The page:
<img height="1" width="1" style="display:none" src="https://www.facebook.com/tr?id=192888919167017&amp;ev=PageView&amp;noscript=1">
Saturday, February 24, 2024
Feb. 24, 2024

Linkedin Pinterest

Federal judge shortens Montana’s wolf trapping season to protect non-hibernating grizzly bears

By
Published:
2 Photos
FILE - In this March 21, 2019, aerial file photo provided by the National Park Service, is the Junction Butte wolf pack in Yellowstone National Park, Wyo. On Tuesday, Nov. 21, 2023, a federal judge in Montana has shortened this winter&rsquo;s wolf trapping season to protect grizzly bears that have not yet begun hibernating from getting caught and injured in traps. The state says it plans to appeal the preliminary injunction issued Tuesday.
FILE - In this March 21, 2019, aerial file photo provided by the National Park Service, is the Junction Butte wolf pack in Yellowstone National Park, Wyo. On Tuesday, Nov. 21, 2023, a federal judge in Montana has shortened this winter’s wolf trapping season to protect grizzly bears that have not yet begun hibernating from getting caught and injured in traps. The state says it plans to appeal the preliminary injunction issued Tuesday. (National Park Service via AP, File) Photo Gallery

HELENA, Mont. (AP) — A federal judge in Montana has significantly shortened the state’s wolf trapping season to protect grizzly bears that have not yet begun hibernating from being injured by traps.

U.S. District Judge Donald Molloy in Missoula granted a preliminary injunction Tuesday saying Montana’s wolf trapping season can only run from Jan. 1 through Feb. 15, the time during which he said it is reasonably certain that almost all grizzly bears will be in dens. The order applies to all five of the state’s wolf hunting districts along with Hill, Blaine and Phillips counties in north-central Montana — basically the western two-thirds of the state.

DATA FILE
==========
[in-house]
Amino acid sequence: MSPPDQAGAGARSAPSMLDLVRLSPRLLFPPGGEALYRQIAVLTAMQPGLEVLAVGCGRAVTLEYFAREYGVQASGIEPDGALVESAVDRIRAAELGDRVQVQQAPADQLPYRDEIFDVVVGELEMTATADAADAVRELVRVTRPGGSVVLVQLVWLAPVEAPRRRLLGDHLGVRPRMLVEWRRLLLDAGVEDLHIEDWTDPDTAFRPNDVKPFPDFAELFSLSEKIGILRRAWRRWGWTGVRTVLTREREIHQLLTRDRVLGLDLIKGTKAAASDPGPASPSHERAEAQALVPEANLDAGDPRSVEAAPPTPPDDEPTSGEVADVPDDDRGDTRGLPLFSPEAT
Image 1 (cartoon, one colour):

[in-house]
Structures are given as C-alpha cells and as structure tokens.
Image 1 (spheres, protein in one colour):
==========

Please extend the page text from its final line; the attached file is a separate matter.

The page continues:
The injunction remains in effect while the case moves through the courts.

“We are elated that Montana’s grizzly bears will at least temporarily avoid the cruel harms caused by indiscriminate steel traps and snares in their habitat,” Lizzy Pennock, an attorney at WildEarth Guardians said in a statement. “We are optimistic that this win is a precursor to securing longer-term grizzly protections.”

The wolf hunting season is already underway and will continue through March 15, the state Department of Fish, Wildlife and Parks said Wednesday.

Under the state’s 2023 regulations, trapping season could have started as early as next Monday and run through March 15.

The state plans to appeal and will continue to track the denning status of grizzly bears in case its appeal is successful and the injunction is overturned, the agency said.

WildEarth Guardians and the Flathead-Lolo-Bitterroot Citizens Task Force challenged Montana’s 2023 wolf hunting regulations in August. Molloy heard arguments on their motion for the preliminary injunction Monday in Missoula.

The groups argued that since wolf trapping was legalized in Montana in 2012, there has been an increase in grizzly bears captured and injured by traps. This year’s regulations put more grizzly bears at risk by lengthening the wolf trapping season and expanding the areas where the wolves can be trapped or shot, they argued.

The state argued it was protecting grizzly bears by creating a floating start date for wolf hunting and trapping areas based on when grizzly bears begin hibernating in each area, that trappers are required to monitor their traps and new trappers must take a trapper education course.

The Department of Fish, Wildlife and Parks and the Fish and Wildlife Commission “have worked diligently to assemble and implement sound science-based management for wolves and grizzly bears, including the wolf regulations impacted by this ruling,” the agency said in a statement Wednesday.

The state hasn’t shown its “mitigation factors are as effective in practice as in theory,” Molloy wrote, noting that four grizzly bears with missing body parts, including forelegs and toes, were spotted in 2021.

Grizzly bears have expanded their territory to a wider area of the state and climate change has them remaining outside of their dens longer into the year, Molloy said.

“Therefore it is reasonably certain that more grizzly bears in Montana will be out and about during the time period and in the locations that wolf trapping is permitted under Montana’s 2023 regulations,” Molloy wrote in granting the injunction.

Grizzly bears are listed as protected under the Endangered Species Act, which prevents states from authorizing activities that are reasonably likely to kill, trap or injure a listed species.

Montana Gov. Greg Gianforte said Wednesday it’s time for “the federal government to review and approve the state’s petition to delist the grizzly, which has recovered in Montana’s ecosystems.”

Loading...